Overseas Investors in Chinese Bonds Get Four More Years of Tax Breaks
Policymakers have decided to extend a tax break for overseas investors in China’s onshore bond market for four years, as enthusiasm for the market’s relatively high yields continues to grow.
Overseas institutional investors’ income from bond interest will be exempt from corporate income tax and value-added tax (VAT) until the end of 2025, according to a statement issued after a State Council executive meeting chaired by Premier Li Keqiang. The exemption, launched in 2018, was originally scheduled to expire in early November.
The extension aims to encourage foreign investment in China, according to the statement.
Investors outside the Chinese mainland are increasingly putting money into the world’s second-largest bond market, in part due to the attractive yields on offer. As of the end of September, overseas holdings of outstanding onshore bonds reached $617.6 billion, up from $512.2 billion at the end of last year, according to data from the State Administration of Foreign Exchange (SAFE).
Opinion: How Strong Is Foreign Demand for Chinese Government Bonds?
“Onshore bond yields are relatively high and the yuan exchange rate is stable, so the bond market is valuable for investment,” Wang Chunying, a deputy head of SAFE, said at a briefing last week. So far this year, 10-year Chinese government bonds’ annual yields have fluctuated narrowly around 3%, much higher than those of their counterparts in the U.S. and European Union.
Overseas investors’ holdings as a share of China’s 128.1 trillion yuan ($20 trillion) onshore bond market was 3.1% by the end of September, up 0.2 percentage points from the end of last year, Wang said. The share is still low, which means there is large space for growth, she said.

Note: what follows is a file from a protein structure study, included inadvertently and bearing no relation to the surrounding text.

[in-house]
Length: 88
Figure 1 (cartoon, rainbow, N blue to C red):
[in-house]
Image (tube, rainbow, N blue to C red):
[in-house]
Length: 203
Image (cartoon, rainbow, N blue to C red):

In the Chinese context, overseas investment includes cash coming from Hong Kong, Macao and Taiwan.
Before the tax exemption policy began in 2018, overseas institutional investors’ interest income from nongovernment bonds faced corporate income tax generally ranging from 7% to 20%, and a 6% rate of VAT, according to law firm Fieldfisher LLP. Profit from bond sales is generally exempt from corporate income tax, Fieldfisher said.
It is common for governments around the world to exempt interest income from nongovernment bonds from VAT, accounting firm KPMG LLP said.
Nowadays, Chinese government and policy bank bonds are the two main types of bonds held by overseas investors, accounting for over 90% of total overseas investment in the market in August. Overseas investment in onshore corporate bonds is negligible, according to official data.
Contact reporter Guo Yingzhe (email@example.com) and editor Joshua Dummer (firstname.lastname@example.org)
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